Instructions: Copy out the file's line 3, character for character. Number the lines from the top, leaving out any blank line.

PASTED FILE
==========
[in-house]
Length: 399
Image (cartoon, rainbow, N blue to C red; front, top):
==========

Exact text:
Image (cartoon, rainbow, N blue to C red; front, top):